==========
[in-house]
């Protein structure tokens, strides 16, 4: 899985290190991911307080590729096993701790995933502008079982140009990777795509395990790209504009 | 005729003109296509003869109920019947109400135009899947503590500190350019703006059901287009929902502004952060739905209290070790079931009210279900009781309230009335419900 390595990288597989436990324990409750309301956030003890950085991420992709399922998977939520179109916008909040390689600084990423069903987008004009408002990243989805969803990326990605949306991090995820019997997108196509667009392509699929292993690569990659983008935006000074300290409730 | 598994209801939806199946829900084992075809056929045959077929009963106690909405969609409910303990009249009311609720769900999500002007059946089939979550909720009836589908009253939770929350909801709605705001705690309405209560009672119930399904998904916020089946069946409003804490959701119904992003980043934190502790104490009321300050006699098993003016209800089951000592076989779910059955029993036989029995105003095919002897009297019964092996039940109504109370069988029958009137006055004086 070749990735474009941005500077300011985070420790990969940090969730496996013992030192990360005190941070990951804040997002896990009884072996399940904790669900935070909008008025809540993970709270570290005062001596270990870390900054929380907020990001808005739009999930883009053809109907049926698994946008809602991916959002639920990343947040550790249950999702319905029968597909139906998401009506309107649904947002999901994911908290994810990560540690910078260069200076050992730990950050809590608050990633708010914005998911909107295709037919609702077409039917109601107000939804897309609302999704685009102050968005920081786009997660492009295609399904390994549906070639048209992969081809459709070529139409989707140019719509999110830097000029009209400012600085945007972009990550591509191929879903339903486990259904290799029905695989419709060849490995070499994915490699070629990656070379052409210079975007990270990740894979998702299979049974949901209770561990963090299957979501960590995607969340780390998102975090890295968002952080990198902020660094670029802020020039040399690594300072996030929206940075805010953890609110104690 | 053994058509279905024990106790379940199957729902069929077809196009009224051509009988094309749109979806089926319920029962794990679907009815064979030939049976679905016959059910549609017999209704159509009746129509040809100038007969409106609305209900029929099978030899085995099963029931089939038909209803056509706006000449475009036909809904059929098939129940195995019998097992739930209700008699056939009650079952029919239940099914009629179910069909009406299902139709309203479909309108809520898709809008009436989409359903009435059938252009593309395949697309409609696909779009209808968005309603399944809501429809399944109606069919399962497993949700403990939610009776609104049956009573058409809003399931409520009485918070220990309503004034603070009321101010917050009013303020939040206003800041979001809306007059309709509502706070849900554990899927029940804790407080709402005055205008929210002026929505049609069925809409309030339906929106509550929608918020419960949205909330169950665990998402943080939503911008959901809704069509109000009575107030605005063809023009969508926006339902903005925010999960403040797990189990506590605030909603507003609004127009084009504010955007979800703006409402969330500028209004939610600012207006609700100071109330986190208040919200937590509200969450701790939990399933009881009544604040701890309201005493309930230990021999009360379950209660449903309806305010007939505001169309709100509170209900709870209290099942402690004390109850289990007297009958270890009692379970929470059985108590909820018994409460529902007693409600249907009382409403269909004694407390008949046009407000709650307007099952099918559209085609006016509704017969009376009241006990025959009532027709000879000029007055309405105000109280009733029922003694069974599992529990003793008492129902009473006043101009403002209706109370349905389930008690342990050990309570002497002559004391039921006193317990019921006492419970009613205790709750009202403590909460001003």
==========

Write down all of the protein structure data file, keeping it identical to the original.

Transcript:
[in-house]
């Protein structure tokens, strides 16, 4: 899985290190991911307080590729096993701790995933502008079982140009990777795509395990790209504009 | 005729003109296509003869109920019947109400135009899947503590500190350019703006059901287009929902502004952060739905209290070790079931009210279900009781309230009335419900 390595990288597989436990324990409750309301956030003890950085991420992709399922998977939520179109916008909040390689600084990423069903987008004009408002990243989805969803990326990605949306991090995820019997997108196509667009392509699929292993690569990659983008935006000074300290409730 | 598994209801939806199946829900084992075809056929045959077929009963106690909405969609409910303990009249009311609720769900999500002007059946089939979550909720009836589908009253939770929350909801709605705001705690309405209560009672119930399904998904916020089946069946409003804490959701119904992003980043934190502790104490009321300050006699098993003016209800089951000592076989779910059955029993036989029995105003095919002897009297019964092996039940109504109370069988029958009137006055004086 070749990735474009941005500077300011985070420790990969940090969730496996013992030192990360005190941070990951804040997002896990009884072996399940904790669900935070909008008025809540993970709270570290005062001596270990870390900054929380907020990001808005739009999930883009053809109907049926698994946008809602991916959002639920990343947040550790249950999702319905029968597909139906998401009506309107649904947002999901994911908290994810990560540690910078260069200076050992730990950050809590608050990633708010914005998911909107295709037919609702077409039917109601107000939804897309609302999704685009102050968005920081786009997660492009295609399904390994549906070639048209992969081809459709070529139409989707140019719509999110830097000029009209400012600085945007972009990550591509191929879903339903486990259904290799029905695989419709060849490995070499994915490699070629990656070379052409210079975007990270990740894979998702299979049974949901209770561990963090299957979501960590995607969340780390998102975090890295968002952080990198902020660094670029802020020039040399690594300072996030929206940075805010953890609110104690 | 053994058509279905024990106790379940199957729902069929077809196009009224051509009988094309749109979806089926319920029962794990679907009815064979030939049976679905016959059910549609017999209704159509009746129509040809100038007969409106609305209900029929099978030899085995099963029931089939038909209803056509706006000449475009036909809904059929098939129940195995019998097992739930209700008699056939009650079952029919239940099914009629179910069909009406299902139709309203479909309108809520898709809008009436989409359903009435059938252009593309395949697309409609696909779009209808968005309603399944809501429809399944109606069919399962497993949700403990939610009776609104049956009573058409809003399931409520009485918070220990309503004034603070009321101010917050009013303020939040206003800041979001809306007059309709509502706070849900554990899927029940804790407080709402005055205008929210002026929505049609069925809409309030339906929106509550929608918020419960949205909330169950665990998402943080939503911008959901809704069509109000009575107030605005063809023009969508926006339902903005925010999960403040797990189990506590605030909603507003609004127009084009504010955007979800703006409402969330500028209004939610600012207006609700100071109330986190208040919200937590509200969450701790939990399933009881009544604040701890309201005493309930230990021999009360379950209660449903309806305010007939505001169309709100509170209900709870209290099942402690004390109850289990007297009958270890009692379970929470059985108590909820018994409460529902007693409600249907009382409403269909004694407390008949046009407000709650307007099952099918559209085609006016509704017969009376009241006990025959009532027709000879000029007055309405105000109280009733029922003694069974599992529990003793008492129902009473006043101009403002209706109370349905389930008690342990050990309570002497002559004391039921006193317990019921006492419970009613205790709750009202403590909460001003």